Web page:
Meng’s service provided funds to go to college, and she initially enrolled at Lindenwood University. It was a safe choice close to home in St. Charles, but due to tuition changes within the military, she transferred to St. Charles Community College. There she earned an associate degree in education before she enrolled in the music education program at UMSL in 2017.

“I eventually came to UMSL because when I was a high school student, I used to come here for the woodwind program that they had at the Touhill,” Meng said. “I used to think the Touhill was the most beautiful building that you could ever perform in. I was like, ‘I have to go to school here. This is where I need to perform.’”

A dedicated clarinetist, Meng chose to pursue music education since she had often studied under teachers who didn’t provide what she needed as a student, and she aimed to change that for others. Though at UMSL, she found plenty of supportive faculty members, including Associate Professor Gail Fleming, Associate Professor Zachary Cairns and Adjunct Lecturer Whitney Cairns to name a few.

Martina Meng and student workers

Martina Meng oversees student employees at the Veterans Center in Clark Hall.

Graduating from UMSL marked a new chapter in Meng’s career. After completing her bachelor’s degree, she realized that she wanted to be a changemaker at the collegiate level, which spurred her to pursue a master’s in higher education and leadership. A couple years later, she would have an opportunity to act on it thanks to the connections made as the state tuition assistance manager for the Missouri National Guard.

In that role, Meng processed about 700 applications per semester to make sure National Guard service members received their state tuition assistance. The position also took her to veterans centers and offices at 50 institutions throughout the state, including UMSL.

Meng knew the Veterans Center was doing an excellent job certifying benefits and that the university had been routinely recognized by the Military Times for its commitment to military-connected students. Still, she felt there was room for the Veterans Center to grow – a challenge she wanted to tackle personally.

“We are doing really good work for the size of our student veteran population” she said. “But I want to grow and that means being competitive with other universities. I want to make UMSL and the Veterans Center the first stop for veterans looking to attend college and use their education benefits. I want UMSL to be the first choice in the St. Louis area.”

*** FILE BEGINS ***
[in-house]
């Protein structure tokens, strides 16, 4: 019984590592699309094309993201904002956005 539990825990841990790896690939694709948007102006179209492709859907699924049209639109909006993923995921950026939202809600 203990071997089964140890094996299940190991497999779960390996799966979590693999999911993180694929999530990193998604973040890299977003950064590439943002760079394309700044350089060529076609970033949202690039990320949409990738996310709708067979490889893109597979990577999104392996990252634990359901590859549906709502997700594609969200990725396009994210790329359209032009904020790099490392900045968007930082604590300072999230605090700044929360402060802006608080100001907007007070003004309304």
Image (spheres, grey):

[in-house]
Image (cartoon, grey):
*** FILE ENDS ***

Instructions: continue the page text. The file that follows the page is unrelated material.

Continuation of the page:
To that end, Meng’s primary focus will be increasing the visibility of the Veterans Center on campus. As an UMSL student, she found that many people weren’t aware of the center or its location in Clark Hall. In working toward that goal, Meng anticipates scheduling more outreach events and increasing collaboration with other departments. She would even like to institute a quarterly “service member spotlight.”

“We have veterans all over this campus, and you wouldn’t even know that they were a veteran unless they brought it up,” she said. “I feel that UMSL has a strong team not only in the Veterans Center but throughout the university. I want to lean on the other faculty and staff members here to really incorporate their experiences and expertise for further veteran success.”

Ultimately, Meng wants to create a comfortable environment at the Veterans Center where military-connected students have everything they need at their disposal, whether that means a study space or a place to bond over shared experiences. Meng said that might mean a bigger space at some point, but that will become clearer in time.

What’s evident already is the Veterans Center’s bright future.

“I do really love the community that I’ve gotten to engage with here,” she said. “Everyone has been so supportive and helpful. I really do think that the Veterans Center, while we’re in a good place, I think we’re only going to get better.”

Burk Krohe

Burk Krohe